While field sobriety tests can aid police in correctly determining if drivers are intoxicated from alcohol 90 percent of the time or more, these tests are only 30 percent successful in helping police identify who is behind the wheel while on a marijuana high. This may lead you to wonder how, then, police are able to identify drugged drivers.
Most Georgia police departments use drug recognition experts (DREs) to spot drivers under the influence of some kind of drug. These officers undergo specialized training to be able to spot telltale signs that a motorist is impaired through the use of either prescription medications or illicit drugs.
DREs are taught to look for varied signs when determining whether a driver is likely operating their vehicle under the influence of drugs. For example, they may suspect that someone with a fast pulse rate or dilated pupils has consumed a stimulant such as cocaine. If an individual appears drowsy or has slurred speech, then it may indicate that they've taken a sedative or used an opioid. Someone who is agitated, sweating or shaking may be thought to have taken methamphetamines.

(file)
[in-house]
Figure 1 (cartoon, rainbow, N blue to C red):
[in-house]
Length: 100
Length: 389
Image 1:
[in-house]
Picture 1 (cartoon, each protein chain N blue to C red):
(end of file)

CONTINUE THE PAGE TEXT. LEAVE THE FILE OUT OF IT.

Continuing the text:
Another option that police officers in Hinesville may have at their disposal are new drug testing kits. If they do, then they simply swab a suspected drugged driver's cheek for four minutes. They then submit it to a Drager 5000 machine that analyzes the sample to see if a driver tests positive for a variety of drugs including benzodiazepines, cocaine, methadone, marijuana, methamphetamine, opioids and amphetamine.
While many motorists tend to think that they can only be charged with DUI for operating a vehicle while drunk, that's far from the case. At least one-third of all states operate on the premise that driving with any amount of drugs in your system is enough to charge you with such a criminal offense. If that happens, it is wise to find an experienced DUI attorney to protect your rights.